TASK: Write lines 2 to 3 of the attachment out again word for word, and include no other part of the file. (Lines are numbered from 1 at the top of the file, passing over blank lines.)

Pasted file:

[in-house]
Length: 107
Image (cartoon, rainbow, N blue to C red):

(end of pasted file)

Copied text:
Length: 107
Image (cartoon, rainbow, N blue to C red):